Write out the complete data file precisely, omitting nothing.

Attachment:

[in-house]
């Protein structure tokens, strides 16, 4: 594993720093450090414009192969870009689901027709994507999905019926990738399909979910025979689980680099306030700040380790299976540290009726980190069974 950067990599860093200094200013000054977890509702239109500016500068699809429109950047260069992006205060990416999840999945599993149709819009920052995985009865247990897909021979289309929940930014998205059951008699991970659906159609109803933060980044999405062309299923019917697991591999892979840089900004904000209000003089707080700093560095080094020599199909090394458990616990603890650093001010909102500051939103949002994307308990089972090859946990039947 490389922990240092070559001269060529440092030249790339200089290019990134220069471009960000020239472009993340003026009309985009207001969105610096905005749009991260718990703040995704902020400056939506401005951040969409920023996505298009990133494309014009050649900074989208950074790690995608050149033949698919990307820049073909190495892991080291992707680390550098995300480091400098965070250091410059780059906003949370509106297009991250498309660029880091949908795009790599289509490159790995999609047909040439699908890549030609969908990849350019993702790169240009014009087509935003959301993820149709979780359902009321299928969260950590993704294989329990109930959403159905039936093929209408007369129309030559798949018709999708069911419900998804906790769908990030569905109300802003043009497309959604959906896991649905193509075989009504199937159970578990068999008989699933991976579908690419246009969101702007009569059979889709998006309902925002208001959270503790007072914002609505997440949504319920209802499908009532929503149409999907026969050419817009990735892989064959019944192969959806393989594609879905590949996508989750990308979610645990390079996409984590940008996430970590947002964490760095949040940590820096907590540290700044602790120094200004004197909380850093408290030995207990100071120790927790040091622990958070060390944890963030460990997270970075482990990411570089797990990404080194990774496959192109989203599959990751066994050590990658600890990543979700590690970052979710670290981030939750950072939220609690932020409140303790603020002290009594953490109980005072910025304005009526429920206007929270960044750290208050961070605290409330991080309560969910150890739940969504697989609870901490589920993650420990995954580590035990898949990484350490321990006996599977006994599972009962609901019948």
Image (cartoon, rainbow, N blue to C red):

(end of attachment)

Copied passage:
[in-house]
């Protein structure tokens, strides 16, 4: 594993720093450090414009192969870009689901027709994507999905019926990738399909979910025979689980680099306030700040380790299976540290009726980190069974 950067990599860093200094200013000054977890509702239109500016500068699809429109950047260069992006205060990416999840999945599993149709819009920052995985009865247990897909021979289309929940930014998205059951008699991970659906159609109803933060980044999405062309299923019917697991591999892979840089900004904000209000003089707080700093560095080094020599199909090394458990616990603890650093001010909102500051939103949002994307308990089972090859946990039947 490389922990240092070559001269060529440092030249790339200089290019990134220069471009960000020239472009993340003026009309985009207001969105610096905005749009991260718990703040995704902020400056939506401005951040969409920023996505298009990133494309014009050649900074989208950074790690995608050149033949698919990307820049073909190495892991080291992707680390550098995300480091400098965070250091410059780059906003949370509106297009991250498309660029880091949908795009790599289509490159790995999609047909040439699908890549030609969908990849350019993702790169240009014009087509935003959301993820149709979780359902009321299928969260950590993704294989329990109930959403159905039936093929209408007369129309030559798949018709999708069911419900998804906790769908990030569905109300802003043009497309959604959906896991649905193509075989009504199937159970578990068999008989699933991976579908690419246009969101702007009569059979889709998006309902925002208001959270503790007072914002609505997440949504319920209802499908009532929503149409999907026969050419817009990735892989064959019944192969959806393989594609879905590949996508989750990308979610645990390079996409984590940008996430970590947002964490760095949040940590820096907590540290700044602790120094200004004197909380850093408290030995207990100071120790927790040091622990958070060390944890963030460990997270970075482990990411570089797990990404080194990774496959192109989203599959990751066994050590990658600890990543979700590690970052979710670290981030939750950072939220609690932020409140303790603020002290009594953490109980005072910025304005009526429920206007929270960044750290208050961070605290409330991080309560969910150890739940969504697989609870901490589920993650420990995954580590035990898949990484350490321990006996599977006994599972009962609901019948």
Image (cartoon, rainbow, N blue to C red):